Small business owners often wonder what they can deduct in their business. There is a perception that because you own a business, there are all sorts of tax write-offs (loopholes) that can be taken advantage of.  

This is true, to an extent. The tax laws do favor businesses in what they can write off compared to individual taxpayers. What is important to remember, though, is that these write-offs can be subject to the size and scope of the business in question. 

Your business might not be able to take advantage of the same deductions that a huge corporation like Apple or Microsoft can, simply because their resources allow them much more flexibility in planning for and implementing expenditures in the most favorable way. 

Further, the type of business will determine what can be deducted. A manufacturing business has different types of opportunities available compared to a service business. 

Also, there is a difference between a deduction and a tax credit, discussed below. Most businesses of any size will find things to deduct, but tax credits are much more specialized, have very complex rules and are very expensive to implement.  

Finally, if a business loses money in one year there is the opportunity to carry that loss to another year to offset income incurred then.  

It is these last two provisions, sometimes well-publicized, that make it appear that businesses are entitled to a multitude of write-offs.

Ordinary and Necessary Business Expenses

The Internal Revenue Service (IRS) provides insight into what a business can and cannot deduct. IRS regulations Section 1.162-1 states, in part, that

In general. Business expenses deductible from gross income include the ordinary and necessary expenditures directly connected with or pertaining to the taxpayer’s trade or business… 

The key terms are “ordinary and necessary” and “trade or business.”

Ordinary and necessary depends on the nature of the business. The type of expense and its relevance to the business operations determines its deductibility. If it is a common or regular expenditure of that type of business the deduction will normally be allowed.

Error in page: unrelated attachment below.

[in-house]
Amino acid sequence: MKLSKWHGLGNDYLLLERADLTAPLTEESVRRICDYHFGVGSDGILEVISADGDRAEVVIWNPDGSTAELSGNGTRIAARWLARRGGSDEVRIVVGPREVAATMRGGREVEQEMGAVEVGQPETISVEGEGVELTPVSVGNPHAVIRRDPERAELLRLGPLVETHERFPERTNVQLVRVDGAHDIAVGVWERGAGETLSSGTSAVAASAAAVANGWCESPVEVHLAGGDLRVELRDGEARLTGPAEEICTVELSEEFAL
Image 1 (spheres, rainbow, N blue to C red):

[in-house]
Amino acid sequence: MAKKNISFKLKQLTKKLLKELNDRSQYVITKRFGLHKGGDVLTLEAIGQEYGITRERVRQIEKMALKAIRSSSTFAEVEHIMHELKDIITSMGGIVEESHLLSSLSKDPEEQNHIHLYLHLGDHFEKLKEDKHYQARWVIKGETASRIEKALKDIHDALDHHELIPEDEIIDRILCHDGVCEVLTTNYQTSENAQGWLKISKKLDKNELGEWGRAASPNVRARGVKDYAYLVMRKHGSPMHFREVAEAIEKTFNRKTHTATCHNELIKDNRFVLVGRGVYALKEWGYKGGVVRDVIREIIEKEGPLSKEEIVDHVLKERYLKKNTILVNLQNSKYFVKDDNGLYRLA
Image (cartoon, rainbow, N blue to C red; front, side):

Trade or business. While not defined specifically by the IRS, there clearly has to be a profit motive or economic activity involved which normally assumes an ongoing business. Again, this is subject to the nature of the business and the facts surrounding its operation.

Given these two factors, most businesses engaged in business designed to earn money can deduct the expenses of running that business.

What Can A Business Deduct?

IRS tax forms give some indication of what can be deducted:

  • Direct product, labor and other costs of generating sales (known as Cost of Goods Sold)
  • Advertising
  • Car and truck expenses (with some limitations)
  • Commissions and fees
  • Contract Labor
  • Depreciation of buildings, equipment and fixtures
  • Employee benefits
  • Insurance
  • Interest (on business loans)
  • Legal and professional
  • Meals (if for business purposes and limited to a 50% deduction)
  • Office expenses
  • Pension plans
  • Supplies
  • Rent
  • Repairs and Maintenance
  • Taxes and licenses
  • Travel (if for business purposes)
  • Telephone
  • Utilities
  • Wages and salaries
  • Any other ordinary and necessary business expenses (depending on the nature of the business)

Note that many of these expenses could be incurred by individual taxpayers but are not deductible unless they are for business purposes. Travel, meals and insurance are good examples.

Which expenditures are not immediately deductible?